6) The New York Times reported July 19, 2005:

Mr. Abbas has been described by aides as feeling lonely and even depressed by the behavior of Palestinian factions and Israel, but the fighting with Hamas appears to have restored his confidence. He has refused to take any telephone calls from Hamas or Islamic Jihad representatives since Thursday, when his arrival in Gaza was met with an exactly timed cascade of Hamas rockets and mortar shells into Israel, aides said.” (Steven Erlanger, “Abbas Criticizes Hamas Radicals in Sharp Terms”)

Similarly, Hamas, which took control of the Palestinian government on March 30, 2006, launched numerous rockets at Israel from Gaza during its first six months in government. (The attacks commenced following the June 9 beach incident in which seven Palestinians were killed. Hamas blamed Israel for the deaths, though evidence points to Hamas ordinances hidden in the sand dunes.)

1) AP reported June 10, 2006: “Hamas claimed responsibility Saturday for firing at least 15 rockets and a barrage of mortar shells at Israel. . . .”

2) On June 11, 2006, the International Herald Tribune reported:

Hamas fired 17 rockets at southern Israel, including one that a hit a school in the southern town of Sederot, the Israeli military said. A man at the school was hit with shrapnel and his life was in danger, hospital officials said” (“Israeli attack follows Hamas rocket firings”).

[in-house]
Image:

3) AP reported on June 13, 2006, that since the Gaza beach incident:

Hamas militants have fired several dozen rockets at southern Israel, including one that landed in the southern town of Sderot on Monday, slightly wounding a woman in the shoulder. A total of three people have been wounded in the recent rocket attacks, including one man in serious condition.

4) AP reported on July 4, 2006:

A homemade rocket fired from the Gaza Strip hit a vacant high school in the southern Israeli city of Ashkelon on Tuesday, causing extensive damage but no injuries, the army said. The ruling Islamic militant group Hamas, in a fax to the Associated Press, took responsibility for the rocket attack.”

5) AP reported on July 14, 2006: “Hamas militants fired three homemade rockets at the southern Israeli town of Sderot on Friday, causing no casualties or damage, the Israeli army said.”